William Petty-FitzMaurice, 2nd Earl of Shelburne had the splendid fortune to be brought up in one of the finest of Georgian country houses, Bowood House in Wiltshire, which also became a scandalous loss when it was demolished in 1955/56. Remodelled for the 1st Earl by Henry Keene between 1755-60, the house also featured interiors by Robert Adam, who also altered Keene’s original portico to create a much grander version. Afterwards the stables were converted to function as the main house where the 9th Marquess of Lansdowne (as the Earls became) still lives today.
The next PM, William Cavendish-Bentinck, 3rd Duke of Portland inherited Welbeck Abbey, Nottinghamshire, which had also been the home of an earlier PM, his relative Thomas Pelham-Holles, 1st Duke of Newcastle. As stated in Part 1, this is a fascinating house which has often been overlooked due to the fact that it has been rarely open to the in the last 100 years, public tours having finished in 1914. Extensive work was carried out between 1742-46 by the relatively unknown architect John James who reconstructed the south wing and remodelled the west front for Henrietta, Countess of Oxford. The west front was subsequently changed again in 1790 to designs by Sir Humphry Repton. The Dukes of Portland also had a southern seat at Bulstrode Park in Buckinghamshire, though this house was replaced in 1865 by the 12th Duke of Somerset who by then owned the estate.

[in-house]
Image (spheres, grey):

In contrast to the vast wealth and aristocratic status of the preceeding PM, William Pitt the Younger was able to bring political heritage; his father also having served in the same role. In stark contrast to the size and splendour of Welbeck, his country home was Holwood House in Kent, a modest mansion set in 200-acres for which Pitt paid £7,000 in 1783 before commissioning Sir John Soane to alter and enlarge it in 1786 and 1795. Soane’s work here led to Pitt recommending him for the work to build what was to be one of Soane’s masterpieces; the Bank of England building which was so sadly demolished in the 1920s. Holwood was also to be demolished, in 1823, to be replaced by a much grander house designed by Decimus Burton.